Incidence of C-shaped root canal systems in mandibular second molars in the native Chinese population by analysis of clinical methods

Abstract

The aims of the study were to investigate the incidence of C-shaped root canal systems in mandibular second molars in a native Chinese population using radiography and clinical examination under microscope and to compare the relative efficacies of these methods. For the recognition of C-shaped root canal system, 1 146 mandibular second molars were selected and examined. Teeth with C-shaped canal systems were categorized by using the radiographic classification criteria and the modified Melton's method. C-shaped canals were identified in 397 (34.64%) mandibular second molars by radiography (type I, 31.23%; type II, 38.29%; type III, 30.48%). Clinical examination showed that 449 (39.18%) cases exhibited C-shaped canal systems (C1, 22.94%; C2, 48.11%; C3a, 15.59%; C3b, 13.36%). As for the result of the radiographic and clinical combined examination, C-shaped root canals were found in 473 (41.27%) mandibular second molars (C1, 21.78%; C2, 45.67%; C3a, 16.70%; C3b, 15.86%). The incidence of C-shaped root canal diagnosed by radiographic method was statistically different from that by clinical examination and the combined examination (P<0.05). The study indicated a high incidence of C-shaped canal system in a Chinese population. The combination of microscopic and radiographic examination is an effective method in identifying the C-shaped root canal system.

Introduction

The C-shaped canal system may be observed in maxillary molars, maxillary and mandibular premolars, but most commonly detected in mandibular second molars.1,2,3,4,5,6,7 Its basic anatomical feature is the presence of a fin or web connecting the individual root canals.5,8,9 Its formation occurred in the course of development.10 The variation of C-shaped root canal system appears to be genetically determined, and it has some relationship with ethnic origin.9 It could be found throughout the world, but the incidence is much higher in Asian population.8,10,11,12,13,14 The incidence of C-shaped canal systems in extracted teeth for the Chinese population has been reported from 31.5% to 42%.15,16,17

The variations of the root canal anatomy along its root length present major challenges with respect to thorough debridement and proper obturation.9,18 Thus, correct diagnosis and identification of the C-shaped root canal before treatment is an essential step. The radiographic examination is a convenient, effective and non-invasive method to show the morphology of the root canal system. The operative microscopic examination is capable of providing distinct vision field, rendering it possible to observe the morphologic characteristics of the pulp chamber floor and orifice directly and facilitating the recognition of C-shaped root canal system.

The purpose of this study was to investigate the incidence of C-shaped root canal systems in mandibular second molars in a native Chinese population using radiography and clinical examination under microscope and compare the relative efficacies of these methods, in the hope of providing a reliable guidance for endodontic treatment and enhancing its success rate.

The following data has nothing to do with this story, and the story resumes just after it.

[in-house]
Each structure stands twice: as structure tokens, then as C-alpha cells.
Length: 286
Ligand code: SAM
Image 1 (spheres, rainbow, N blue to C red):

Material and methods

All subjects were the patients in the Department of Endodontics, School and Hospital of Stomatology, Shandong University, China from 2004 to 2009. Their consents to participate in this study were ensured before the study and the protocols were approved by the Medical Ethics Committee of Shandong University. Basic information of the subjects was recorded with respects to their ethnicity, gender, age and history of past treatment. In this study, 1 146 mandibular second molars scheduled for root canal therapy were randomly selected. Among these teeth, 609 were males and 537 were females, with the age ranging from 23 to 78 years. In order to make sure that the subjects were purebred Chinese, they were selected only from indigenous Chinese patients. All teeth were evaluated by radiographic and clinical examination, respectively.

Radiographic examination and its identification categories

In the radiographic examination, two preoperative radiographs, one working length radiograph and two postoperative radiographs were taken for each case. One of the preoperative radiographs was with a 90° angulation to the tooth in a bucco-lingual direction and the other was at a mesial angle of approximately 20° to make the radiographs better visualized of the bucco-lingual anatomy. Two postoperative radiographs were taken by the same method as the pre-operative ones to confirm canal configuration. The radiographs were exposed with a digital dental X-ray system (Sirona, Bensheim, Germany) and analyzed by three experienced endodontic dentists individually. If there was any disagreement among them, a radiologist with endodontic experience helped to make the final decision.

The C-shaped canals were identified and classified in accordance with their radiographic appearances proposed by researchers5,9,18 (Figure 1).

Figure 1
figure1

Radiographic types. (a) Type I: a mesial and a distal canal merge into one before exiting at the apical foramen. (b) Type II: there are a mesial and a distal canal; the two canals appeared to continue on their own pathways to the apex. (c) Type III: there are a mesial and a distal canal; one canal curves to and superimposes on the radiolucent line when running towards the apex, and the other canal appears to continue on its own pathway to the apex.

Clinical examination and its identification categories